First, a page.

South Korea commits to additional F-35As

The Republic of Korea Air Force could eventually acquire up to 60 Lockheed Martin F-35 Joint Strike Fighters. (USAF)

South Korea signalled its intent to expand its fleet of Lockheed Martin F-35A Lightning II Joint Strike Fighters after the country signed a letter of acceptance (LOA) to acquire additional aircraft.

The South Korean Defense Acquisition Program Administration (DAPA) announced in early January that the LOA was signed in December, although it did disclose specific details.

Seoul had earlier in September requested to acquire up to 25 F-35As from the US government as well as associated equipment and services worth US$5.06 billion through the Foreign Military Sales (FMS) mechanism. DAPA noted that the proposed acquisition would constitute part of the second phase of the next-generation fighter aircraft (F-X) acquisition programme.

DAPA added that the 40 aircraft procured in the first phase of the F-X programme were delivered and deployed from 2019 to 2022.

According to the proposed FMS sale, the contract will also cover 26 Pratt & Whitney F135-PW-100 engines and the F-35 Block 4 upgrade along with major modifications, maintenance, and maintenance support.

This latest effort will also “improve aircraft utilisation rates and reduce operating and maintenance costs” and enable the country to “secure national-level depot maintenance capabilities, including stealth frontal painting capabilities”.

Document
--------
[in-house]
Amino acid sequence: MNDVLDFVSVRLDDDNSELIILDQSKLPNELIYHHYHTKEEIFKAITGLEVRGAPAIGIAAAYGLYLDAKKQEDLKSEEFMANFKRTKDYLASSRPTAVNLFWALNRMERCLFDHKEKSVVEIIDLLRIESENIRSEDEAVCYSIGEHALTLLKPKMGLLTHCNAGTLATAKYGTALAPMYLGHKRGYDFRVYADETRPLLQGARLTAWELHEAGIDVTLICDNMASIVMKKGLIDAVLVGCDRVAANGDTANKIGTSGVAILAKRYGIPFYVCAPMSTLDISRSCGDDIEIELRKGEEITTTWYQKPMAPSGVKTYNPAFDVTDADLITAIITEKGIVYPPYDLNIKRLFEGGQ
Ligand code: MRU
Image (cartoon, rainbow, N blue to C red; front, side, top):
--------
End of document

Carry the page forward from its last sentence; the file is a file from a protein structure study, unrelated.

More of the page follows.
South Korea also recently requested the sale of airborne munitions, including AIM-120C-8 Advanced Medium Range Air-to-Air Missiles (AMRAAMs), Mk-84 bombs to be reconstituted into GBU-31V(1) Joint Direct Attack Munitions (JDAMs), BLU-109C/B bombs for GBU-31V(3) JDAMs, and Mk-82 bombs to be adapted to GBU-12 Paveway II or GBU-54 Laser JDAM (LJDAM).

DAPA said that the additional acquisition will reinforce the ability of the Republic of Korea Air Force (RoKAF) to deter “omnidirectional threats and neutralise North Korean nuclear weapons and ballistic missiles” in a crisis, adding that the additional aircraft will also help backfill the gap caused by the retirement of older aircraft in the RoKAF fleet.

The US Defense Security Cooperation Agency (DSCA) noted that the proposed sale will improve South Korea’s ability to meet current and future threats while ensuring interoperability with US forces.

by Jr Ng